For example, much of the communication around climate change is still often focused on messaging for the population who already gets that there is a problem and that we need to change the ways we do things.

When doing marketing and trying to enable behavioural change, we often do focus on the key things we want to see to change.

But we need to also pay attention to the “side effects” that can happen because of particular actions and campaigns.

For example, campaigns have ways to increase what we researchers call “social capital” via getting people together, and enabling deeper discussions and connections within a neighbourhood or community by everyone uniting behind a cause (e.g. conservation of a specific bird or bird species).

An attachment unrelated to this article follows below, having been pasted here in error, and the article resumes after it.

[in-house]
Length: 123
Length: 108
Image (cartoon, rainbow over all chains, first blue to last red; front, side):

It is these more intangible changes and benefits that we don’t even know how to measure, we see these happening but have hard time explaining in the final report what really happened and why it is so meaningful.

Yet, behavioural change is one of those intangible issues because we often don’t have good data in showing how that change has actually taken place but also how people’s lives have changed or new sense of ownership can and has emerged in a community.


Lived experience as key for better services and innovation  

A consistent theme in particular throughout the second day was the importance of lived experience as the grounds for even defining what the problem is that needs solving.